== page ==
“This is United flexing their commercial muscle. And at the same time, laying to rest the brief uprising over their disgraceful involvement in the Super League plot.”
It was not that long ago when outraged Manchester United fans were crashing Old Trafford, forcing the postponement of one of their club’s marquee matches.
Fast forward a few months and a good few million spent on new signings, and supporters are crashing the club’s website, desperate to devour the news that United are paying a veteran player a king’s ransom to return to Manchester.
Super League? What Super League?
If Cristiano Ronaldo is available and wants to come back, it is, quite obviously, a no-brainer.
Even as he looks forward to a 37th birthday, he is going to improve your side, certainly in the short term.
On a footballing level, it would be almost impossible to argue against United’s signing of Ronaldo. As a PR stunt, it would be downright impossible to argue against it.
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It is Glazer brilliance.
One minute, they are facing a pesky peasant’s revolt, the next they are bumping up the value of their shares by untold millions.
Ole Gunnar Solskjaer now has one of the world’s greatest-ever footballers at his disposal and, surely, that can only be good, football-wise?
Even if the signing was not driven by Solskjaer, who already had an array of attacking riches, it is good.
Almost certainly, Solskjaer did want Ronaldo. Obviously. But anyhow, he probably had no choice.
This strikes you as a deal brokered between Jorge Mendes, Ed Woodward and the Glazers. A commercial deal of the highest order.
Forget the sentimental stuff about Ronaldo returning to a spiritual home. He found his spiritual home in Madrid.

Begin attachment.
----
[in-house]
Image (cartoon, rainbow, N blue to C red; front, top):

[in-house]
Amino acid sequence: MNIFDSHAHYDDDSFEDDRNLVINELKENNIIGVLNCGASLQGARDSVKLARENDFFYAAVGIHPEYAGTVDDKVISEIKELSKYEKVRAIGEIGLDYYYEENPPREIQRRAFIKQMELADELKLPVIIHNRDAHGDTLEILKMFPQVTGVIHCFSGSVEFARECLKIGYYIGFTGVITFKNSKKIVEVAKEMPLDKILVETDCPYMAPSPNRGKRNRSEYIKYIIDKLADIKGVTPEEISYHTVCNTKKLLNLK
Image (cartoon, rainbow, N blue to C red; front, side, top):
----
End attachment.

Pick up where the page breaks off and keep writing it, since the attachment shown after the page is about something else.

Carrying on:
This is United flexing their commercial muscle. And at the same time, laying to rest the brief uprising over their disgraceful involvement in the Super League plot.
As they watch the delirious reaction to the recruitment of Ronaldo, the Glazers must raise a glass and wonder if that rebellious day when the Liverpool match did not take place was just a figment of the imagination.
Now, they can get back to caring about serious things, such as the stock exchange value of their club, which took a predictable boost on the news of Ronaldo’s signing.
While no one could condone the more extreme reactions to the Super League plot, it briefly felt as though the fat cats who did not give a jot for English football’s fabric would be rattled.
Heck, for a moment, it seems as though they were – the Glazers even deigned to speak to the fans. Sort of.
But it was a fleeting moment. Give Cristiano to the great unwashed and they will pipe down.
There will be no protests when Ronaldo makes his debut at Old Trafford. The Glazers will probably be there and revel in the love-in. Job done.
As a signing, the return of Ronaldo is intriguing.
As a PR stunt for owners supposedly vilified by large sections of Manchester United’s fanbase, it is a masterstroke.